- Five on Friday
- Specialty Topics
You tried so hard to not get sick this winter, but despite your best efforts you still caught a cold. You’re a very busy person who doesn’t like being sick, so of course you want to get rid of it as soon as possible. But did you know that some things may actually make a cold last longer?
Not sleeping enough
Sleep is very important for fighting off illness. While it’s easy for cold symptoms like a cough or congestion to keep you up all night, you should still try to get a full night’s sleep. If you can’t, take naps throughout the day.
If you live an active life, you’ll likely try to keep up your energy levels throughout your illness. But your body really needs you to slow down and take it easy. This is why you sleep so much when you’re sick. Exhausting yourself could not just make it take longer to heal, but it could even make your symptoms worse.
Stress hormones can prevent your immune system from working properly. Relaxing yourself mentally is just as important as resting physically.
Fluids are very important. If you don’t drink enough, it will be tougher for your mucus to thin and your sinuses to drain.
One fluid to avoid is alcohol. Alcohol dehydrates you and would have the same effect as not having enough fluids.
Smoking damages the cells in your lungs. This can make it tougher to fight off a cold. This includes secondhand smoke as well as any smoking you do yourself.
Using too many nasal sprays
While nasal sprays can help, overuse can lead to swelling and long-term stuffiness.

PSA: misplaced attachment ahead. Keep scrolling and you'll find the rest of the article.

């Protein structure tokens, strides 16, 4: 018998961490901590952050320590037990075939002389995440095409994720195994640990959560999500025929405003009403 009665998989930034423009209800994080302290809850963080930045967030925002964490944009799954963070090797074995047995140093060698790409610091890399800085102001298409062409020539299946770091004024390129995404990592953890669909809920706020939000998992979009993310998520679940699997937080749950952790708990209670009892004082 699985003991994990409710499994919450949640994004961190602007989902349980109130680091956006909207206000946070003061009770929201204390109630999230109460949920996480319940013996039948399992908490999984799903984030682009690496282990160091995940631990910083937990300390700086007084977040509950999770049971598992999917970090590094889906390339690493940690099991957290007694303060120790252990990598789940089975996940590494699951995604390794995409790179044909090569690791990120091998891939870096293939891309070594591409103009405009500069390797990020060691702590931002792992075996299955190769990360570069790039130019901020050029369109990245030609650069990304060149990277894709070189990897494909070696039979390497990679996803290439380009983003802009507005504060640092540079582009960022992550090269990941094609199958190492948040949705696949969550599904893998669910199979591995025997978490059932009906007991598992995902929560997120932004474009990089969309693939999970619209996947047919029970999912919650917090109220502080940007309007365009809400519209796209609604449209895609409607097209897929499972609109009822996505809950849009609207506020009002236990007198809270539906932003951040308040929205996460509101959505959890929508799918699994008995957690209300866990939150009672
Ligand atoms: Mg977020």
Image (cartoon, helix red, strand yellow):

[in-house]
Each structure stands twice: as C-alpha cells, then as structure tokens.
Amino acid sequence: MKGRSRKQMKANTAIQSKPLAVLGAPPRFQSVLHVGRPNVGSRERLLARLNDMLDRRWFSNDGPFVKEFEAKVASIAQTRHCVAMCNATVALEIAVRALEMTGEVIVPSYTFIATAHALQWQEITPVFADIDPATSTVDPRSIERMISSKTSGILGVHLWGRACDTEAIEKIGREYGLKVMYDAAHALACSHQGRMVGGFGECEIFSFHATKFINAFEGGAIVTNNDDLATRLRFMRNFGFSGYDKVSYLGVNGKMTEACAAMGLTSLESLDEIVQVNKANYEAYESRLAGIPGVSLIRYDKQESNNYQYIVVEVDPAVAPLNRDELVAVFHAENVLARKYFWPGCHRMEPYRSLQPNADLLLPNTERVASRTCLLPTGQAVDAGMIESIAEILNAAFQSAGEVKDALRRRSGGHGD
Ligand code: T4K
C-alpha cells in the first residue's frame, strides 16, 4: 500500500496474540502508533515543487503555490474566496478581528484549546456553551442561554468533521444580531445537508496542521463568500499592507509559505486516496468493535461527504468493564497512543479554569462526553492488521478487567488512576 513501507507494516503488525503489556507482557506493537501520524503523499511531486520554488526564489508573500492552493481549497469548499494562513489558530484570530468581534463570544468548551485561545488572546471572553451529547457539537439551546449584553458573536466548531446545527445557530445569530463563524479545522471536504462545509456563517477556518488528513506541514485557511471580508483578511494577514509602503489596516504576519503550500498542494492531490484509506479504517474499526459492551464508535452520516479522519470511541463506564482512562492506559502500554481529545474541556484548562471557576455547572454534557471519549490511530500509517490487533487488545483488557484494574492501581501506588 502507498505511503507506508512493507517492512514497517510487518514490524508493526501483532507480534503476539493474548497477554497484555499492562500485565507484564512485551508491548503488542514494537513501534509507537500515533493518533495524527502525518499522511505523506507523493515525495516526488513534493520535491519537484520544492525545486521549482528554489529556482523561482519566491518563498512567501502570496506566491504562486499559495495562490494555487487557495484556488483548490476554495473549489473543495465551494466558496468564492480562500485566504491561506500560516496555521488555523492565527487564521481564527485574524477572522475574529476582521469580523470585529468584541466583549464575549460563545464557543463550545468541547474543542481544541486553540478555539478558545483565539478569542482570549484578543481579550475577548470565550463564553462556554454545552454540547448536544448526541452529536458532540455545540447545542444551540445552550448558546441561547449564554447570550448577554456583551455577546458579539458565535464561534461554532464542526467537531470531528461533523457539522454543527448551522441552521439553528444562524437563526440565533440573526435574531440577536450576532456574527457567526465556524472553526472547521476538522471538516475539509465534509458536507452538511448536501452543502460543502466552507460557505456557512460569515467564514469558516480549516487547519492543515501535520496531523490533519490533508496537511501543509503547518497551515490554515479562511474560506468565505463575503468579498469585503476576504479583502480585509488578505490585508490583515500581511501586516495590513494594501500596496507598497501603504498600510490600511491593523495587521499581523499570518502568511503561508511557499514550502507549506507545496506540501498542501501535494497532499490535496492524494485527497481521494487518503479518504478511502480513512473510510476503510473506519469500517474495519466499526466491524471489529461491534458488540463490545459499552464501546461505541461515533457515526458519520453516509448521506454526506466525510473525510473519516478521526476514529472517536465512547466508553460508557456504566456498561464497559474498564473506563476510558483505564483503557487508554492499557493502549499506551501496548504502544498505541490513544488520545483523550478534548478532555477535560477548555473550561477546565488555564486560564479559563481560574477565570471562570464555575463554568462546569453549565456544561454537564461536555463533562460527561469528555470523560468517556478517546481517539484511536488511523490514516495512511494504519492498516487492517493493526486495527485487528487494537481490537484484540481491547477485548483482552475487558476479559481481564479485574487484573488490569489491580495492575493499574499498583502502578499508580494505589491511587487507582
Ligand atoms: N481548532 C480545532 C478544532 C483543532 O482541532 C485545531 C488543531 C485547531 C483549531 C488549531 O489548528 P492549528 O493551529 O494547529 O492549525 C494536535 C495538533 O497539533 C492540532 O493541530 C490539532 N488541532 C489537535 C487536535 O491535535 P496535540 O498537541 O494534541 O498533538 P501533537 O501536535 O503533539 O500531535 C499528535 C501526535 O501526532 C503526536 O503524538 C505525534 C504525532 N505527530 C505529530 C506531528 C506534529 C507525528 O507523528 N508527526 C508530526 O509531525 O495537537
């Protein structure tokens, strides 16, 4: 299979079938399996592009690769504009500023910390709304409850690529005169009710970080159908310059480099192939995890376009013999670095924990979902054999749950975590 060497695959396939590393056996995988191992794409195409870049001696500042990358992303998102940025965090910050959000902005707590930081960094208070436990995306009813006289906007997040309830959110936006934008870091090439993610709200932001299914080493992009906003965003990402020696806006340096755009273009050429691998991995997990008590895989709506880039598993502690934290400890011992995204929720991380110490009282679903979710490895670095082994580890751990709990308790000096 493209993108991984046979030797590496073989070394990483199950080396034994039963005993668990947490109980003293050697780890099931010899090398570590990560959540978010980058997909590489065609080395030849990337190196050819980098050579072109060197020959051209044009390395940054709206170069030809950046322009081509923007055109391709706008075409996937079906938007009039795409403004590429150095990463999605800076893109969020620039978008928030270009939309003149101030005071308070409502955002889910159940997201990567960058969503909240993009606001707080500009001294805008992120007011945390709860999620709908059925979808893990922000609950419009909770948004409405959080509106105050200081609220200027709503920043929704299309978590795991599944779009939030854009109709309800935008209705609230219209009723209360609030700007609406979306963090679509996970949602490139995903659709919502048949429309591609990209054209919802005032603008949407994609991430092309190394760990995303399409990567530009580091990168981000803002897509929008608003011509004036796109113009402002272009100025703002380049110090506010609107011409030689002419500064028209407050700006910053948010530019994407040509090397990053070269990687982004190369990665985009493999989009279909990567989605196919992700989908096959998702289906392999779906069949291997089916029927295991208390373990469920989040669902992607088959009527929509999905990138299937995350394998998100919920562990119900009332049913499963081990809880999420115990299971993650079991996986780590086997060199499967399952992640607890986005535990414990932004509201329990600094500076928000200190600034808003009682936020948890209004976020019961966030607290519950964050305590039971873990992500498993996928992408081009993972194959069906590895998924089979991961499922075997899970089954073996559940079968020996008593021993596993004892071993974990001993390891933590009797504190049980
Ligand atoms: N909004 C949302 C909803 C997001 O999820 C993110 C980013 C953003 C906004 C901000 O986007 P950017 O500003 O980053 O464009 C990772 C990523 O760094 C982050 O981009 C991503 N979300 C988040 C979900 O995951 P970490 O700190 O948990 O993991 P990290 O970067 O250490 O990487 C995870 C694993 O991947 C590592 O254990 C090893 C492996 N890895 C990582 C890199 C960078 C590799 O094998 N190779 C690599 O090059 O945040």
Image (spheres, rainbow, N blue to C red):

So, what should I do?
CEENTA ENT doctor Mark Abrams, MD, recommends the following regimen: In the early stages, double up on vitamin C and use zinc lozenges. Adults can take up to 1,000 milligrams up to twice a day when getting sick. If you’re in the runny nose phase, use Benadryl or an over-the-counter cold remedy as instructed on the package. You could also double up on a nasal steroid spray, like Nasacort or Flonase. If you’re blocked up, use Afrin twice a day for no more than three days, then use pseudoephedrine or Mucinex D if you’re still congested after that. However, people with heart conditions or high blood pressure, or males with prostate enlargement, should avoid using them.
Can I come to a CEENTA doctor?
Do you think you have a sinus infection? Do you think you have bronchitis? A CEENTA doctor can help you. Don’t hesitate to make an appointment and we’ll help you make sure whatever illness you have doesn’t last unnecessarily long.
This blog is for informational purposes only. For specific medical questions, please consult your doctor. Would you like an appointment with Dr. Abrams? Call 704-295-3000. You can also schedule an appointment online or through myCEENTAchart.
Leave a Comment
Back to News